The jury is out on whether Abridged Advice, an option in relation to defined benefit transfer advice since 1 October 2020, will be widely taken up by firms and/or clients.
Firms that do offer this option to clients should bear in mind what they can and cannot do when providing Abridged Advice.
Abridged Advice enables an adviser to:
- Provide the consumer with a personal recommendation not to transfer or convert their pension; OR
- Tell the consumer that it is unclear whether they would benefit from a pension transfer or conversion based on the information collected through the Abridged Advice process.
Note that Abridged Advice does not meet the requirement for clients to take advice before transferring – no firm can arrange a transfer unless full advice has been taken.
Boundaries of Abridged Advice …
Firms offering abridged advice are only permitted to go through the initial stages of the advice process including:
- Fact Find/Know your customer assessment;
- Assessment of risk, capacity for loss, knowledge and experience and transfer risk factors.
That is to say, sufficient information to enable advisers to consider the risks of staying in the scheme and the risks of transferring and losing the benefits.
As with full advice, the starting point for advice should be a presumption that a pension transfer or conversion will not be suitable.
However, as Abridged Advice does not take account of how funds might be invested if a transfer were to proceed, the risks associated with a specific flexible arrangement should not be considered and, in particular, firms offering abridged advice are not permitted to:
- Undertake an Appropriate Pension Transfer Analysis (APTA)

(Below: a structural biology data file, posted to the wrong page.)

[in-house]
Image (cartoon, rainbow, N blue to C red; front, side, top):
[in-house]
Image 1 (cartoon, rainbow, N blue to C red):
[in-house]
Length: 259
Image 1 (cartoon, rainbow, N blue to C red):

- Provide a Transfer Value Comparator (TVC)
- Consider any potential receiving scheme
Given the boundaries of Abridged Advice, there are a couple of specific questions that we have been asked.
Do you need to know the CETV?
Strictly, from a recommendation point of view, it is not absolutely necessary to know the CETV to provide Abridged Advice. We believe that it would be good practice to know the CETV, as it could well aid the adviser to reach a suitable conclusion.
However, from a practical point of view, there is a definitive reason why most firms will need to identify the CETV at the Abridged Advice stage. It is now a requirement that the suitability report for either Abridged or Full DB Transfer Advice to incorporate a one-page summary at the start. The summary must include a number of mandatory items. Specifically, it must set out the cost of advice in cash terms. Where advice is charged as a % of the CETV, the actual monetary amount (in £) that would be payable by the client must be shown in the one-page summary so firms charging on a percentage basis do need to know the CETV to be able to determine that amount.
Can you do a cash flow model when providing Abridged Advice?
When giving abridged advice, firms are able to use the DB scheme information to see how well the scheme meets the client’s needs and objectives. So, for example, there is nothing to prevent a firm from revaluing the DB Scheme benefits to NRA, applying early retirement factors etc. to see how well they scheme benefits meet the client’s needs, alongside the client’s other retirement provision.
As indicated above, firms are not prohibited from obtaining the CETV, and might have to in order to populate the one-page summary. But firms shouldn’t make projections based on the CETV or carry out any comparisons of the ceding scheme benefits with a proposed receiving scheme, including undertaking appropriate pension transfer analysis or a transfer value comparator.
The FCA considers that projecting future values of benefits based on the CETV, i.e. cash flow modelling, would go beyond the boundaries of Abridged Advice and so shouldn’t be part of the Abridged Advice process.